Local government is notorious for the headlines it generates. But a look beyond these reveals how some of the country’s 234 municipalities are poised for take-off.
After applying financial and non-financial indices from Government reports, business organisations and financial intelligence agencies, Finweek has whittled down a list of candidate municipalities to 10 that aren’t only business friendly but show the greatest potential for growth and opportunity. These score well in a combination of gauges, including impressive economic growth levels, budgets for economic development, geographical positioning, large populations and tailor-made business incentive packages.
Selecting 10 top municipalities, however, is not without complication and contradiction. For a start there’s no primary, comparative research data. There are also many variables that could be applied and each variable would mean different things to different kinds of businesses.
The annual audits on municipalities of Auditor-General (AG) Terence Nombembe are a good place to start, as they give insight into how public finances are managed. But there’s not necessarily any correlation between the audit findings and the business opportunities in the area or how business friendly the local authority is. Buffalo City in the Eastern Cape is a prime example. The newly proclaimed metropolitan government not only received a disclaimer audit in the last financial year, but Mayor Zukiswa Faku, who has a questionable political career that’s been dogged by allegations of corruption, has been re-elected.
Buffalo City’s indicators, however, suggest that Buffalo City’s incentive schemes and industrial expansion offer opportunity for businesses looking to get in on areas with investment and growth potential.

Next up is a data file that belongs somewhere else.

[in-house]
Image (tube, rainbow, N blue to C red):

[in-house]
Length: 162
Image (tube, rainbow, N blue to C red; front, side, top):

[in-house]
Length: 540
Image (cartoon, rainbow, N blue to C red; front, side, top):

Any comparative exercise of municipalities will also obviously always see the big four metropolitan governments, Johannesburg, Ethekwini, Tshwane and Cape Town rise to the top. Finweek deliberately left the big four off the list to focus on up-and-coming places to do business. It’s interesting, however, to compare the big four’s vital stats.
The top 10:
1. Mossel Bay (Western Cape)
2. Rustenburg (North West)
3. Msunduzi (KwaZula Natal)
4. uMhlathuze (KwaZulu Natal)
5. Emfuleni (Gauteng)
6. George (Western Cape)
7. Buffalo City (Eastern Cape)
8. Mbombela (Mpumalanga)
9. Polokwane (Limpopo)
10. Mangaung (Free State)
To see the complete breakdown of the top 10 get the full story here, or in the latest Finweek.
The Big Four – how they compare
1. City of Johannesburg
Population: 3 669 468 or 7.37% of SA total
Percentage of national GDP it generates: 16.7%
Economic growth rate: 3.4% (4.2%, 1996 to 2010)
How much of its own revenue municipality generates: 70%
Municipality spend on each citizen/year: R6 205
Average annual personal income: R65 382
2. City of Cape Town
Population 3 268 975 or 5.77% of SA total
Percentage of national GDP it generates: 11.18%
Economic growth rate: 3.6%
How much of its own revenue municipality generates: 64%
Municipality spend on each citizen/year: R5 757
Total personal annual income: R239bn or an average of R65 382/person
Audit: Eight consecutive unqualified audits
3. eThekwini Metro (Durban)
Population: 3 467 302 or 6.96% of SA total
Percentage of national GDP it generates: 10.71%
Economic growth rate: 3.5%
How much of its own revenue municipality generates: 79%
Municipality spend on each citizen/year: R4 601
Average annual personal income: R45 967
4. City of Tshwane
Population: 2 480 227 or 4.98% of SA total
Percentage of national GDP it generates: 10.03%
Economic growth rate: 4.6% (1996 to 2010)
How much of its own revenue municipality generates: 75%
Municipality spend on each citizen/year: R5 919
Average annual personal income: R72 491
Audit: Unqualified with findings